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By Alex Kowalski
PBN Staff Writer
PAWTUCKET – The Housing Network of Rhode Island has received a $375,000 grant from the R.I. Attorney General Peter F. Kilmartin’s Office to bolster mortgage and home buyer education programs, the office announced Thursday.
“Homeowner education and financial literacy are the keys to successful long-term home ownership. Unfortunately, too many people fell underwater with their mortgages because they did not understand the complicated financial contracts to which they originally agreed,” Kilmartin said in prepared statements.
Funded by the National Mortgage Settlement that has already doled out $22 billion to American homeowners, the grant will go toward keeping the Housing Network’s basic home buyer and mortgage literacy certification classes running. The program relies on such grants to cover its operating costs due to funding delays from its largest funding source, the Department of Housing and Urban Development (HUD).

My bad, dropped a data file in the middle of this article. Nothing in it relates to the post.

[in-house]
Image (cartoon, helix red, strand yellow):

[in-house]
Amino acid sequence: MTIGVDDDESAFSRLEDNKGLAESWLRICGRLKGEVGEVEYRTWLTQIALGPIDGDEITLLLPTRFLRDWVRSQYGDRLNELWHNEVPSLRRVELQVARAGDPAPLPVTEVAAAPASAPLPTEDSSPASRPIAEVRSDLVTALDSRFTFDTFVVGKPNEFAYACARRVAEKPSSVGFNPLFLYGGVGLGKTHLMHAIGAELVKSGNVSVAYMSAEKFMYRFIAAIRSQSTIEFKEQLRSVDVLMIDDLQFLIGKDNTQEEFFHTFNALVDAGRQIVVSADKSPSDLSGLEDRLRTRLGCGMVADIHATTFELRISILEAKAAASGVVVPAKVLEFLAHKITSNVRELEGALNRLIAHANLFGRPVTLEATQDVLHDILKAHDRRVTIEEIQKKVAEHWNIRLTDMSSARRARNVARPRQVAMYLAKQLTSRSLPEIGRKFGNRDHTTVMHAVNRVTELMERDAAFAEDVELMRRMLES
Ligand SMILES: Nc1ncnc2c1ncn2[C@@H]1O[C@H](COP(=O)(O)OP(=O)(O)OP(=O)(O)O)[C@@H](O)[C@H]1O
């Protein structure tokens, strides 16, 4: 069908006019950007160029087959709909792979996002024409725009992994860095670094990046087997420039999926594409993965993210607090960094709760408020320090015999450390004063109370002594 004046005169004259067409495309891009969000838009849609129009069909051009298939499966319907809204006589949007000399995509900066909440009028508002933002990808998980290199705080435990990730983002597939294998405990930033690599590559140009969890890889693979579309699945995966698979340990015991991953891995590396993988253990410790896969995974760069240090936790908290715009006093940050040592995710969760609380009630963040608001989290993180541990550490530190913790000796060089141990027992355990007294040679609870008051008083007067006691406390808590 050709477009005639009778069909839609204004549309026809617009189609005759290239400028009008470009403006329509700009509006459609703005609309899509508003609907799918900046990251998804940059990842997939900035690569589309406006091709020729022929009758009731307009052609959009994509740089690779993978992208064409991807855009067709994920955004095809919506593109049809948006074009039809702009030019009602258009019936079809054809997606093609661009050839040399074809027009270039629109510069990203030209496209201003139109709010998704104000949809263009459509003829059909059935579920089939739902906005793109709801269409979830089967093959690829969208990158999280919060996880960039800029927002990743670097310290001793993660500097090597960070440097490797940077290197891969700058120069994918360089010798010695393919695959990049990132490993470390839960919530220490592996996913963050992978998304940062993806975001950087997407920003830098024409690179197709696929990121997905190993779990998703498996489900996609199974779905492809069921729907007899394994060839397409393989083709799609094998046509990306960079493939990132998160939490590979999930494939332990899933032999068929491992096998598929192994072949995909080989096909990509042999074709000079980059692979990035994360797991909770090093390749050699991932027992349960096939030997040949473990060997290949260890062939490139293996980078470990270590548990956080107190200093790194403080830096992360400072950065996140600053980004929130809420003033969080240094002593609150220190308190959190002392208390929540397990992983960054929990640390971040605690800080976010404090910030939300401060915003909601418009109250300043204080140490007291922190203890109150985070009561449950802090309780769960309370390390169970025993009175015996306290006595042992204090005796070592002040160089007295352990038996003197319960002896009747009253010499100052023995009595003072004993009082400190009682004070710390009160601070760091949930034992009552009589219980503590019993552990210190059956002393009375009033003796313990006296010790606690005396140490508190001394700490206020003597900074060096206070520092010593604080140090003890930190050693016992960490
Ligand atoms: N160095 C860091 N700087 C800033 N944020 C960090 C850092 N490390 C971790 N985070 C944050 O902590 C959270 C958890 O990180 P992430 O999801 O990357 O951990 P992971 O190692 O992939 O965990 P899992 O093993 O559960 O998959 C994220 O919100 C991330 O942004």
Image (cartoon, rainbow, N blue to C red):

A nonprofit association of community development groups from around the state, the Housing Network’s runs the HUD-approved home buyer certification program that provides “homeowner counseling, home buyer education and outreach.” The classes run for six weeks, and while a $60 cover buys materials, the grant will help keep the program going when just fees won’t suffice.
“These funds will go a long way to support the efforts of the Housing Network members working in communities across Rhode Island in helping individuals purchasing their first home make good choices when it comes to mortgage products,” Chris Hannifan, executive director of the Housing Network, said in a statement. The funds will also support HUD-certified counselors that aid residents in legal and foreclosure prevention.
While the grant is valuable, the contraction of federal support is still causing hardships. “We’ve been trying not to lay people off,” Hannifan told Providence Business news. “I still have eight members running programs with no funding source to pay for it.”
The National Mortgage Settlement resulted from the “largest consumer financial protection settlement in United States history,” the Department of Justice website states, and is funded by a total of $25 billion in payouts from the five largest mortgage lenders: Bank of America Corporation, JPMorgan Chase & Co., Wells Fargo & Company, Citigroup Inc. and Ally Financial Inc. (formerly GMAC).